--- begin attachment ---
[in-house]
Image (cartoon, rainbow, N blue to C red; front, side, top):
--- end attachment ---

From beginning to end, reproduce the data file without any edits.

[in-house]
Image (cartoon, rainbow, N blue to C red; front, side, top):